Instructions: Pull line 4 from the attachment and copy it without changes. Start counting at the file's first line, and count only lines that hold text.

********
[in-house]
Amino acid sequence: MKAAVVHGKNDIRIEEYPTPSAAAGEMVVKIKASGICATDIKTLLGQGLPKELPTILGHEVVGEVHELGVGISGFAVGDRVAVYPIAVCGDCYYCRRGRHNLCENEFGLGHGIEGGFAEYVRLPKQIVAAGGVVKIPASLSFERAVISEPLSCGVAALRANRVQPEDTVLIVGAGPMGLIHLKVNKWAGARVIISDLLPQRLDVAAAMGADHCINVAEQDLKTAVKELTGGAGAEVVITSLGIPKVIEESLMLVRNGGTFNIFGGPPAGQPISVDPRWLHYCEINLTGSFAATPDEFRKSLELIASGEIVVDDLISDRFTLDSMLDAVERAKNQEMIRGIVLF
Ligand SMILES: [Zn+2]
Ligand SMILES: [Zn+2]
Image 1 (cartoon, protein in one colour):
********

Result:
Ligand SMILES: [Zn+2]